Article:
Tag Archives: energy efficient homes

AuSES Conference Best Papers: Wind Power

We have prepared list of solar-e.com’s own selection of ranked candidates for the best Wind Power papers presented at the

‘Solar 2010’ Conference: Policies and Strategies (including the Economics of solar energy, diversity of derived forms of solar energy, electricity grids and data collection)

The analysis and understanding the of more obscure fields of solar energy related technology and policy developments is obviously another critical step forward to applying more solar energy in our economy. this section will hopefully expand as more papers are delivered in the future.

Student Prizes – Wal Read Memorial Prizes
Post Graduates Prizes
BILBAO, Jose “PV-Thermal Water Systems as a Retrofit for Near Zero Energy Homes”
Winner   $1500 AUD
BAMBROOK, Shelley  ” Experimental PVT Air System for Dwellings”
Highly Commended $1000 AUD
LHENDUP, Tshewang  “Simulation of a Ground-coupled Heat Pump Combined with Solar Collectors”
Commended $250 AUD
ELLISTON, Ben  “Grid parity: A potential misleading concept?”
Commended $250 AUD

Undergraduates Prizes
BRAZIER, Thomas  “Dependence of installed cost of a 1.5 kW rooftop PV system on module efficiency”
Joint Winner $1,000 AUD
BOEREMA, Nicholas  “Economics of constraints on wind farms – SA”
Joint Winner $1,000 AUD
O’BRIEN, Paul “Exergetic analysis of a steam-flashing thermal storage system”
Joint Winner $1,000 AUD

Wind Power : Solar-e.com Director Garry Baverstock’s personal selection of the Best Papers

At the conference the papers were presented under a number of category headings such as Built Environment, Wind Power, Photovoltaics, Environmental Benefits, Solar Thermal and Economics. Following is our selection of the worthwhile papers and a ranking based on relevance to world situation on Climate Change, the impact on the increased use of solar energy and the quality of the research as presented in the paper.
The best papers, in our opinion, have been listed. This is our opinion, but we are interested in what the solar experts think and any comments are welcome. If we have overlooked a paper or you disagree with our assessment please feel free to offer your opinion. If bona fide it will be published.


Image of windmills old and new

A comment by Garry Baverstock, A.M. follows each heading.

1. Impacts of Distributed Wind Generation on Distribution Networks

N. K. Roy, H. R. Pota, M. A. Mahmud, and M. J. Hossain

Comment: Wind power needs this technical analysis for it to find its rightful place in the renewable energy mix in Australia.

2. The Economics of Transmission Constraints on Wind Farms – some evidence from South Australia

Nicholas Boerema1, Iain MacGill2

Comment: Good feed back about the effectiveness of wind farms in South Australia

A message from AuSES
People who were not delegates at Solar 2010 (or AuSES members) who would like to access this resource they can apply for access for an annual fee of $140 (ex GST). Please go to AuSES website.

Solar-e.com invites you to leave comments at the end of this article.

Experts who disagree with our rating and choices we invite you to make comment and if enough substance is shown we will reserve the right to change the ranking at anytime or keep the ranking the same.

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Bad Weather and Power Price Hikes Trigger Demand for Solar Passive Housing

20 August 2009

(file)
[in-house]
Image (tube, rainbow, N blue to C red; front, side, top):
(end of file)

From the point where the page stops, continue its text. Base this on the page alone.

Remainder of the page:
Jacinta Goerke

According to a local architect the recent bad weather and increase in electricity and gas tariffs has seen an increase in demand for solar passive housing and sensible renovations.

Mr Garry Baverstock, director of Ecotect-Architects in Swanbourne and Order of Australia recipient, said people feeling the pinch were serious about living in energy efficient homes.

“People are clear with us,” said Mr Baverstock. “They want homes that use less power, look good and are comfortable to live in.”

Mr Baverstock said the increase in demand was from people wanting renovation work done and others keen to build houses on cleared blocks or receive feedback on builders’ plans.

He said people were aware energy efficient houses could cost more upfront, but the increase in the house’s resale value and savings in energy bills was quickly offset.

“The good news is homes that adhere to the principles of solar passive design are aesthetically pleasing, better ventilated and use natural light wisely,” said Mr Baverstock.

“Solar passive buildings are also healthier for people because they require the effective use of air flow and minimal use of toxic materials.

“People with respiratory problems, such as asthma and bronchitis, and others with illnesses such as depression find living in solar passive homes helpful,” he said.

Mr Baverstock said solar passive homes required the installation and use of window treatments and floor coverings that either absorbed or reflected heat and light during different times of a day.

“The combined effect of passive solar when added to the blinds will keep a house warmer by up to five degrees during the day and up to ten degrees at night in winter,” he said.

“Conversely, the house can be kept cooler by between five and ten degrees in summer when using the passive solar benefits,” he said.

Mr Baverstock said the colour of walls and floors also played a significant role as did the use of insulation and size and location of windows.

“Simply increasing the size of a window or installing glass doors to capture the winter sun can heat a cold room and transform it into an inviting breakfast area,” said Mr Baverstock.

Mr Baverstock said people who spend little time at home or are unhappy often find making climate sensible changes to their homes improves their lives for the better.

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